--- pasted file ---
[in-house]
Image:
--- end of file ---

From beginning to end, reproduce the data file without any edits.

[in-house]
Image: